Field Underwriting

Reviewed by
Darrel Pendry
Updated: 09 June 2023

What Does Field Underwriting Mean?

Field underwriting refers to the initial decision an insurance agent or producer makes about a potential client’s ability to meet the insurer's underwriting requirements. The agent decides after performing an initial evaluation of the asset or person.

The role of an insurance advisor has many facets. On one hand, they represent the client’s best interests, advises them on the coverage they need, breaks down policy terms, and ultimately helps their clients find the best coverage possible for their needs and budget.

On the other hand, an insurance advisor also represents the insurance company’s best interests at the same time. In this capacity, the advisor is responsible for accurately communicating the risks to the insurer and also to perform some field underwriting (sometimes referred to as frontline underwriting).

Because the advisor is the only one in the insurance sales process that has a close relationship with the client, they are in a position to discover things that underwriters and other people involved higher up in the chain would not know. The advisor likely knows the client personally and would therefore have a better grasp on the client’s personal reputation, business reputation, and other personal information.

Through good field underwriting practices, the advisor is able to set realistic expectations for their clients, make the underwriting process more efficient and less time consuming, and help the underwriters select better risks. Good field underwriting results in a win for the advisor, a win for the client, and a win for the insurer.

Insuranceopedia Explains Field Underwriting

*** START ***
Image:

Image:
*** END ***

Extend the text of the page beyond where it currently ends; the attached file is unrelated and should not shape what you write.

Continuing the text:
Field underwriting is when the advisor, agent, or producer takes on some of the frontline underwriting tasks. Good field underwriting results in a win for all parties involved.

The advisor, agent, or producer typically has a personal relationship with their client and therefore understands things about the client and risk that underwriters and those further removed from the client would not be able to know. Some examples of things pertinent to field underwriting include the client’s personal and business reputation or how forthcoming they are with answers to underwriting questions like business activities or medical history. Basically, an agent who has that personal relationship can help underwriters assess the moral character of the applicant.

Besides increasing sales, field underwriting also serves as a way to prevent adverse selection. After gathering Information on the potential client and establishing that the person can meet the underwriting requirements, the agent signs off on the insurance company’s acceptance to provide insurance coverage to the insured party. The agent also gets an opportunity to explain to the potential client what they are to expect from the insurance company so that realistic goals are set.

Field underwriting begins with understanding your client. In a life or health insurance context, this might be to understand the client’s purpose and intent for purchasing insurance, source of funds that will be used to pay premiums, and even medical history. It may also help the underwriting process if the agent could elaborate on their relationship to the underwriter. If the agent has known the advisor for a long time and they have a good relationship, the underwriting process will likely go smoother because the agent is vouching for the client.

The next step is to include this field underwriting information as part of the submission process. When an advisor submits a risk to an underwriter for evaluation, you would include the standard application form required of all applicants, but you can also include in an email or as an attachment some additional comments. These comments would outline the information the agent gained through conversations with the client and other field underwriting activities. For example, you might mention to an underwriter that this is a long-time client of the brokerage with many policies or any expectations that the client has around premiums. This information helps the underwriter understand the risk better and allows them to work with the agent to win the business (ie. by adjusting premiums to beat competing quotes or to match client expectations as much as possible).

As the agent, you represent the client but also the insurer in equal parts. As the one “in the field”, the agent is the literal “eyes and ears” of the insurer providing them with valuable information that helps all parties involved from the client, to the agent, to the insurer.

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